Zenn Scarlett’s novice year of exoveterinarian training on Mars isn’t quite going to plan…I enjoyed Zenn Scarlett as I was reading it (apart from some minor weird physics) but it didn't stand up all that well to retrospective contemplation and discussion. The redneck Martian farmers, particularly, continued to bother me. Happily, Under Nameless Stars isn't set on Mars at all, so the closest thing to a redneck is Liam, Zenn's sort-of love interest. I say sort of, because they spend most of the story apart and the ending very much emphasises that there are more important things to teenage girls than finding and settling down with a boy. That made me very happy.
After barely surviving a plot to destroy her school and its menagerie of alien patients, could things at the Ciscan cloister get any worse? Yes. Yes they could: Zenn’s absent father Warra Scarlett has suddenly ceased all communication with her. Desperate to learn what’s become of him, Zenn stows away aboard the Helen of Troy, a starliner powered by one of the immense, dimension-jumping beasts known as Indra.
With her is Liam Tucker, a towner boy who is either very fond of her, very dangerous to her, or both. On the verge of learning the truth about her dad, Zenn’s quest suddenly catapults her and Liam thousands of light years beyond known space, and into the dark heart of a monstrous conspiracy. Braving a gauntlet of lethal environments and unearthly life forms, her courage and exovet skills will now be tested as never before.
With the fate of entire worlds hanging in the balance, Zenn is racing headlong into trouble… again.
Back to the setting, though. Picking up right where the first book left off, Zenn and Liam find themselves in a container on an interstellar spaceship. Most of the book, then, is set in space on ships among a variety of sentient alien species, a few humans and some alien animals (for Zenn, exo-vetinarian to heal, of course). My favourite character in Under Nameless Stars was Jules, a dolphin (yes, from Earth) who spends most of his time in a "walksuit", which is basically what it sounds like. I was actually a bit sceptical of him at first, until it was revealed that he was only 18 — calibrated in Earth/human years, as far as I could tell — and hence allowed to be a bit of an idiot. I say that in the nicest possible way, however. He's very into mystery and adventure novels and frequently orients his expectations based on popular tropes. It comes across as so ridiculous as to be funny, which is part of what made me like the character. The only thing that could have improved him further, in my opinion, is a more in-depth exploration of the walksuit as a "blending in with other sentient life-forms" aid and more time spent dealing with swimming vs walking.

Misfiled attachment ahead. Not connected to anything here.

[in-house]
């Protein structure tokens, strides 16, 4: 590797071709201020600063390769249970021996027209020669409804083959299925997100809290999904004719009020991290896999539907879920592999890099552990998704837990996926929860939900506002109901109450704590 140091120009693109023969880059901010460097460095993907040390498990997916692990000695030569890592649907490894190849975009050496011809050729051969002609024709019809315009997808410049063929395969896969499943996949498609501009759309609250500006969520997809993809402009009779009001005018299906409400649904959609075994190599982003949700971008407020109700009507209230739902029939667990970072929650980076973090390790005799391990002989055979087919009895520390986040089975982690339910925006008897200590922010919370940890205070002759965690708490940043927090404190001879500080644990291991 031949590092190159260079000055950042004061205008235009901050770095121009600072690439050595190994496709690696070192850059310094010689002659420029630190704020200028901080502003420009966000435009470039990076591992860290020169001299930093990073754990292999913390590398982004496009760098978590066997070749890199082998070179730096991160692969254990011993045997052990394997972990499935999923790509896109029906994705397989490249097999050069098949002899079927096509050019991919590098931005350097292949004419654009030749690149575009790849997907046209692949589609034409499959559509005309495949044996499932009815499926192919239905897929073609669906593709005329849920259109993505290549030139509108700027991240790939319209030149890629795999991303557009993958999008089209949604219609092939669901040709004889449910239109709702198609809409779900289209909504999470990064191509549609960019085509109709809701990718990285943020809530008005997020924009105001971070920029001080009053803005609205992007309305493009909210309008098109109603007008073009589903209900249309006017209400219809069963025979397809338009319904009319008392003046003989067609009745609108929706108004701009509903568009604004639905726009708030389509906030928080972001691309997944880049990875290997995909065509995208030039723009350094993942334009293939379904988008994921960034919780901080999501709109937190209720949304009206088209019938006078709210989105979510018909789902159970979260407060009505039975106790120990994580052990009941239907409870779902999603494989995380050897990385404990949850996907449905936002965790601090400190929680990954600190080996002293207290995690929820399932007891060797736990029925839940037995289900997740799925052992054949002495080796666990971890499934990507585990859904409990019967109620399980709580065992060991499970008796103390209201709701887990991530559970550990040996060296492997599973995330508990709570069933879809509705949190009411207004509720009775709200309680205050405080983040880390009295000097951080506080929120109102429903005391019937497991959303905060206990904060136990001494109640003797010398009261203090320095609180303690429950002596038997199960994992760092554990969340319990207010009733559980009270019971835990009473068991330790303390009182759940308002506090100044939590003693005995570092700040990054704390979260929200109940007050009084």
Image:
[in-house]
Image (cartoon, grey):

Ultimately, I would characterise Under Nameless Stars as an action-packed space adventure story. It doesn't take itself too seriously and Zenn gets into strife very frequently. It was an engaging read and, unlike some books, I found myself not bothered by the physics of it all, mostly because all the physics — including the quantum tunnelling space horses — was pretty hand-wave-y and not specific enough to be problematic.
That said, I wouldn't recommend it to readers after a hard science fiction novel. It's probably closer to space opera, although I admit I'm a little hazy on that definition. I recommend it to anyone looking for a fun space adventure and, of course, to anyone who enjoyed the first book. As I said at the start, I definitely wouldn't recommend reading Under Nameless Stars without reading Zenn Scarlett first. And don't forget to keep an eye out for my interview with the author in a few weeks!
4 / 5 stars
First published: April 2014, Strange Chemistry
Series: Yes. Book 2 of 2.
Format read: eARC
Source: Publisher via NetGalley